Diagnosis of neutropenia

Neutropenia is defined as a reduction of the absolute neutrophil count below the normal range. However, the normal concentration is influenced by gender, age, physiological status, and ethnic origin. To avoid a misdiagnosis of neutropenia, it is imperative that any definition of the normal range takes account of these factors. For example, the normal neutrophil count for an adult Caucasian male is usually between 1.5 * 109 and 6.5 * 109/l, and for females it is between 1.8 * 109 and 7.4 * 109/l. In contrast, the neutrophil count for a normal baby during the first day of life is much higher at 4.8 * 10 9 to 17.1 * 109/l. Many individuals of African, Afro-Caribbean, and Middle Eastern origin have average neutrophil counts that are significantly lower than those of adult Caucasians but can still mount a normal response to infection.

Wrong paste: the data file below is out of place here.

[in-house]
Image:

Automated full blood count analyzers have made a great impact on the definition of the normal neutrophil range because of their speed and accuracy in assessing neutrophil numbers. However, in certain circumstances they produce spuriously low counts, for example following excessive clumping of neutrophils in the presence of a paraprotein, and disintegration of neutrophils due to excessive delay between blood withdrawal and analysis. An unexpected neutropenia should always be confirmed on a blood film, which may also provide clues to the likely cause. Bone marrow examination may become necessary in circumstances where history or blood-film examination do not reveal an underlying cause.

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